On October 2, 2014, AT&T partnered with Amazon Web Services to offer on-demand network-enabled cloud solutions to its customers via AWS and AT&T NetBond.
This is an interesting departure from the usual rounds of tit-for-tat, race-to-the-bottom announcements that AWS, Google’s cloud service, and others release. This announcement comes hot on the tail of Google’s latest cost reductions for customers. AWS has added a service improvement and soon (well, sometime in early 2015) will have the means to give all of its customers direct access to AWS services from the tech giant’s NetBond cloud integration platform.
NetBond, AT&T’s multiprotocol label switching (MPLS) product, offers a dynamic and secure pathway to customers’ data over virtual private networks (VPNs). As IDC Research VP Melanie Posey stated, “When companies combine their strengths and resources to make the services easier to use, the customer wins. The addition of AWS broadens AT&T’s already expansive NetBond ecosystem and will give customers highly secure, reliable, and on-demand connections to another key public cloud service provider.”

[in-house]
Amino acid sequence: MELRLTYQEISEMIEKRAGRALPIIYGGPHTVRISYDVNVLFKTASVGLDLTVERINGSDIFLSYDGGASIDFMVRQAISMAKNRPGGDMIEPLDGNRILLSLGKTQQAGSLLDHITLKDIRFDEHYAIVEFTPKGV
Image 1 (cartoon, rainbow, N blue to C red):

The key takeaway here is that the announcement is more important for AWS than it is for AT&T. AT&T already has VMware, IBM, HP, Azure, and Salesforce, among others, attached to NetBond. AWS is joining this party late in the game.
However, from a consumer perspective, AWS is the most visible of the cloud providers attached to NetBond. The pairing of AT&T’s VPN with AWS’s cloud platform may serve as a game changer for enterprises, prompting accelerated adoption of cloud services. For consumer and SME cloud consumption it could become compelling. AT&T is the second-biggest telco provider in the US; as such, it has a large, installed user base primed for AWS access. From this point of view, the announcement is actually bigger for AT&T than for AWS, as AT&T is poised to take a commanding position as the cloud connector of choice for the disparate clouds.